Parents' corner: new scientific paper analyzes vaccine education and discussions in a US online parenting forum

In 2019, following a decrease of the measles-mumps-rubella vaccine’s coverage and a 30% rise in measles cases worldwide, the World Health Organization declared vaccine hesitancy one of the 10 biggest threats to global health. Alternative vaccination schedules are becoming more and more popular among parents: identifying them and understanding the determinants of their hesitancy toward vaccines could help addressing their concerns through targeted interventions.
In a new study  recently published on PLoS Computational Biology and mentioned on Nature a team of ISI Foundation researchers analyzes the activities of users engaging in discussion threads about vaccination on public online forum BabyCenter US.
By creating a Natural Language Processing pipeline and going through a rather huge database (more than one million comments of 201,986 users, posted from March 2008 to April 2019), scientists first identify parents who state their adherence to the recommended (RSUs) or alternative vaccination schedule (ASUs). Then they find that RSUs and ASUs have distinct interests and different experiences with vaccination, although they frequently share similar sources of information, like .gov websites. That means that a clearer communication of scientific results on institutional websites could be effective in addressing hesitancy, researchers say.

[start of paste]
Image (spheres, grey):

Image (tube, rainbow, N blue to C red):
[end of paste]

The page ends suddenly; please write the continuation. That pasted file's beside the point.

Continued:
Another interesting finding is the open, unobstructed and dialogue-fostering nature of the forum. Network analysis shows that RSUs and ASUs communicate between each other on BabyCenter US much more than on alternative digital platforms like Facebook and Twitter, where the echo chambers phenomenon is more evident. These observations suggest that parenting fora may be a more suitable medium to develop intervention aiming to influence positively the vaccination behavior of parents.

Detecting adherence to the recommended childhood vaccination schedule from user-generated content in a US parenting forum”, Lorenzo Betti, Gianmarco De Francisci Morales, Laetitia Gauvin, Kyriaki Kalimeri, Yelena Mejova, Daniela Paolotti, Michele Starnini, PLoS Computational Biology, 26th April 2021.